Reply

  2. I enjoyed reading this post. I especially liked the last two lines:

    “I still do not know why I am so drawn to the writings of Dostoyevsky, when, all things considered, I shouldn’t be. But there is something about these very strange books of his that has about it the air of prophecy.”

    “The real 19th century prophet was Dostoevsky, not Karl Marx.”
    –Albert Camus.

    _____

    “Russia was a slave in Europe, but would be a master in Asia.”

    –Fyodor Dostoyevsky

    [As quoted in “Dilemmas of Empire 1850-1918: Power, Territory, Identity” by Dominic Livien in Journal of Contemporary History, Vol. 34, No.2 (April 1999), pp. 180.]

    Reply

    • I think I agree with Camus on this one. Marx’s ideas have not led to teh state “withering away”, as he had predicted: quite the opposite. Dostoyevsky had, on the other hand, foreseen the impossibility of imposing fraternity from outside.

      As for Russia being masters of Asia, I imagine that the inherotors of the great Asian cultural traditions (Indian, Chinese, Persian, Japanese, etc.) may have had a few words to say about that!

      Reply

  3. I much enjoyed your post.

    Well said: “…humans are, if anything, anti-rational creatures, who, far from accepting ideas because they are shown to be rational, would choose, rather, deliberately to reject them in order to proclaim their freedom from the tyranny of reason.” This all-embracing idea underlines most of his novels and, in part, accounts for Dostoyevsky’s antipathy to your presumptuous “Turgenevian liberal”.

    His paradoxical, groping way forward owes more to the numinous than the humanist.

    Reply

    • I am not sure what sort of “-ist” I’d call Dostoyevsky! He certainly, right up to the end, had a great regard for individual human freedom, and a keen awareness of human suffering. And yet, it doesn’t quite seem right to call him a “humanist” either.

      The difficulty arises in great part because Dostoyevsky allows thoughts and ideas free play in his novels. These novels are multi-voiced works, and he allows his characters often to rebel against his own ideas. He presents us with conflicting visions of the world, and refuses to resolve the conflicts neatly. But yes, he remained deeply pessimistic about “reason”, and the ability of “rationality” to resolve human dilemmas; and this naturally placed him very much at odds with people like Turgenev. I personally think that Turgenev was sane, and that Dostoyevsky wasn’t, but that Dostoyevsky’s insanity contains deeper truths than Turgenev’s sanity. I’m not sure if that makes sense – it probably doesn’t! – but I find it equally difficult either to accept or to reject Dostoyevsky’s visions and ideas.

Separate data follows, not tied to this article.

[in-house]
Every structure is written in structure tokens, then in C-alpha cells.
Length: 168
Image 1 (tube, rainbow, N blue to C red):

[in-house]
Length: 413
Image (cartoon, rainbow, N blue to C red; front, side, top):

Reply

  4. Posted by alan on April 25, 2017 at 9:17 pm

    I’ve read little Dostoyevsky, just Notes from Underground and a bit of Brothers Karamazov. I get the impression that he was grateful to his oppressors for letting him live, needed to justify that gratitude to himself and perhaps tried to become their tool through his pessimism about reason. A rather dangerous tool though, since totalitarianism can’t really cope with that level of independence of mind, even in support.

    Reply

    • Dostoyevsky was a very complex figure, and I am not sure that so pat an explanation can explain him adequately. It’s better, in any case, to engage with the ideas themselves rather than to speculate on how and why they came about. One thing he definitely wasn’t was a supporter of totalitarianism. In many of his works – most notably, Demons – he prophesied totalitarianism with an uncanny accuracy, and there can be no doubt on how he felt about it.

      I don’t normally read biographies – I feel that a writer’s work should speakak for itself – but Dostoyevsky, and Tolstoy too, were such fascinating people in their own right, that I quite fancy reading good biographies of them. Joseph Frank’s biography of Dostoyevsky is regarded as a literary masterpiece in its own right, and I think I should read that. Quite apart from anything else, it would be good to have an idea of the political, intellectual and cultural background of his endlessly fascinating novels.

      Reply